Storytelling

I’ve never been sure if I’m writer. Me and grammar are not the best of friends. I have a tendency to think it’s getting in my way.

I’ve always considered myself to be a storyteller. I’m currently using words a medium, but I use it in addition to the other mediums of storytelling I have studied, theater and film.

I tend to visualize my stories as a movie or TV show, and use those images to make fully realized scenes.

I also have a habit of breaking everything down to basic plots, a hero’s journey, a romance, a mystery, a coming of age story. They all beats that have to be followed.

The rest is window dressing. Skill as a storyteller is knowing what color curtains to use and how much fabric you need.

Got in a pretty nasty fight with some writers about this. They insisted that a character’s gender dictated the story. No matter how I tried to point out that the emotional journey for Harry Potter, Luke Skywalker, and Buffy Summers were the same, despite the vast differences in their worlds, I was shut down.

I got frustrated in the end and walked away. Even worse, this is not the first time I’ve has to do this. Last year, I got in a similar argument about setting.

Someone tried to argue that some stories are so entwined with their setting that they can’t be moved. Patent crap. Sure you have change the window dressing, but the basic story remains the same. That doesn’t mean that setting shouldn’t make sense and be detailed. It just means that the story is bigger than it’s setting.

Every story is chock full of cliches and tropes. You cannot avoid it. And yes, I can take your story,  change the gender of the protagonist and the setting, and still tell the same story.

That’s not an indictment on your writing, or mine. It’s a simple truth. What makes a story unique is how you tell it, the metaphors, the language, the dialogue. But a romance is romance on planet Zerg between a balemorph and a trog or on earth between a man and woman. The same tropes and cliches apply, only the details change.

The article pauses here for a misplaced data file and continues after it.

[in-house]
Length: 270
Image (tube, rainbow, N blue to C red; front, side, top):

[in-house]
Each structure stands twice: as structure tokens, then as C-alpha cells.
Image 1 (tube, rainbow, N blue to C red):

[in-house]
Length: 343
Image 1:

“But Kate, my details are soooo unique!”

No. They are personal, but they are in no way unique.

And I think that’s the point where discussions break down. I refuse to acknowledge that your precious, snowflake of a story is at all unique, or the choices you made immutable. Your character’s gender or religion or race are superficial. They inform the character, but they do not dictate what direction the story goes in.

Look back up at the Hero’s Journey. A female hero may answer the call to adventure to avoid an arranged marriage, but she’s answering the call. She may suffer sexism as one her trials, but she’s still enduring the trials. The Journey continues regardless of her gender, or the tropes associated with it.

Even worse, for most authors, if I look, I can even find that the details  you chose have been used dozens, if not hundreds of time.

There is nothing new under the sun (including that phrase), and everything has been done before, probably by Shakespeare.

If you’re character’s gender is so important that their story cannot be told without it, you have a weak character.

If you’re setting is so important that the story cannot be told without it, you don’t understand your story.

“But Kate, my story is about a woman in the real, modern world. She experiences sexism or it isn’t realistic.”

Fine, that’s part of your setting, and informs your character. It’s NOT part of your story. Your story is coming of age story. The protagonist would experience some form of abuse or hardship, and based on your setting you chose sexism. But sexism isn’t an immutable part of every coming of age story.

You cannot tell a story if you don’t understand what story you are telling.

 

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